I've been having more problems with my implant. When I was switched on in early April, it showed such promise. I had 17 out of 22 electrodes working. My test scores for listening without lipreading were 94%, which was so exciting, as back then - as I would get used to the new sounds, it would improve. How wrong I was.
Nearly very month, I've had an electrode switched off. What would happen is that I would be remapped. Then a week or two after a remap, I would notice twitching sensations in various parts of my head. In my temple, or the back of my nose, or in the back of my throat. When this was tested, I would hear very little from it, and even scaling back the volume didn't stop the twitching sensations. So one by one the were turned off. I got down to 14 electrodes.
We decided to try the CIS speech strategy - a higher stimulation rate and often used for partial insertions. This uses 12 electrodes only and for the last 2 or 3 weeks I've been using this. It seemed quite promising as I was getting a better sound - less nasally than it was, but still there, but still not enough clarity for the phone or TV.
Then last week I noticed that a bird sits and chirps outside my window from about 3 to 5pm every day. And I noticed that ever time it chirped, I got a painful sensation from it. So I knew immediately that i was going to lose yet another electrode.
I asked for another appointment, and also asked if I could have an x-ray to make sure no elecgtrodes have somehow moved out of the cochlear. Highly unlikely but for peace of mind, needed doing. I'm still waiting for the results.
My appointment was today. Sure enough - another electrode was twitching in my temple and has been turned off. I live in hope that this will get rid of the painful bird chirps, as I don't think guns in urban areas go down very well! (I've told my cats but they've turned a deaf ear!!)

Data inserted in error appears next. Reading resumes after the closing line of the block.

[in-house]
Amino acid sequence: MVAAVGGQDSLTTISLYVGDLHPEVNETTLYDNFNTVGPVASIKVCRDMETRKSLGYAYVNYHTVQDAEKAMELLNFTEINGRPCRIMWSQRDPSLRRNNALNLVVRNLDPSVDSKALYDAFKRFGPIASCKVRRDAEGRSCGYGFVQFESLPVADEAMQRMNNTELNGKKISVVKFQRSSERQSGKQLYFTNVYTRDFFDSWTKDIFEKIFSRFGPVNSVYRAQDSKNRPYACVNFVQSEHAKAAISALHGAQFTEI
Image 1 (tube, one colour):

We wondered about going back to SPEAK - the lower stimulation rate speech strategy at 250hz which I had for 16 years with my old implant before it failed. We wondered if I was simply not coping with the high stimulation rate. So - a new map with the SPEAK strategy was done. It's on Monopolar, and I have a total of 13 electrodes. (It would have been 14 if I hadn't lost that other one today).
Because that electrode still twitched even on the lower stimulation rate, then I suspect it's not the actual stimulation rate that is causing it. We shall see.
A recap on stimulation rates - SPEAK is 250 hz, ACE is 900 hz, and CIS is 1100. with this new implant I was originally switched on with ACE, and recentl went to CIS. Now Im back with SPEAK.
Going back to SPEAK is like being switched on all over again, like I was 16 years ago in 1993. The sound is awful. My voice souds like it's in harmony, but very out of tune harmony. Like my voice has separated somehow and is two voices in one. People sound like they're talking in buckets, very dalek sounding like from Dr Who or robotic sounds. I had this when I was originally switched on in 1993, however it righted itself ver quickly - within 24 hours. It will be interesting to see how long it tkes me to get used to it this time round.
The good thing about SPEAK for me, with the higher stimultion ACE & CIS, the first six electrodes (low tones) were perfect - ver beautiful sound. The next six were very quiet, and they simply wouldn't go up much in volume at all. Basically the top six electrodes sounded totally crap. With SPEAK, all 13 electrodes are now the same loudness, and it's much more even sound quality. It's also tripled m battery lifed from 33 to 91 hours.
I am just so frustrated though. Sometimes I feel like sticking the processor in the drawer and giving up. I've come so close to that several times. A shrug of my shoulder, and I think 'oh well - my CI days are over'. Then a few hours will pass, or I'll get a good sleep, and I realise that no, it's too early to give up yet, especially while i have some sound If it was good at switchon, there must be a way to improve it again somehow.
So once again, I'm on DAY One of a new implant. This time with a new speech strategy to learn sound all over again.
Watch this space...